Segmentation is proven to increase conversions and ROI of online marketing. You need to take your split testing to the same level and ensure you’re not creating generic rules for every audience when you can get better results by optimising content for each segment.
4. Run Tests At Least Three Times For Accurate Results
While it might seem counterproductive to run a test several times, it allows you to collect more information and ensure you’re making the best decisions. You never know when a test was done on a bad day and some of your audience didn’t participate.
By rerunning the test several times you can take the average results from all the tests to find the true preferences of your audience without bias. This may make the process longer, but it will yield long-term success for your email marketing campaigns.
5. Set Goals
It’s important that you set goals for your email marketing campaigns before you start a split campaign. Different campaigns should have different results, so, if you want more sales, you need to look at conversions, but if you want to spread the word about your latest news, you might look at the number of leads.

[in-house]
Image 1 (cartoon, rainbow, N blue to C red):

This can determine whether a campaign has been a success or not and whether a split test has improved the relevant action. For instance, if you have a split test that improves open rates but has no impact on conversions, then the test has not achieved any goals. You might need to look at something new to test.
Your split testing campaigns can be a vital part of your business’ success when it comes to email marketing. But you need to use the right tactics to ensure efficient use of your campaigns. Use the tips above to get the most from your split campaigns and see the best results from email marketing campaigns.
Do you use split campaigns in your email marketing? What tips do you have?
Let us know in the comments below.
Image supplied by Pixabay.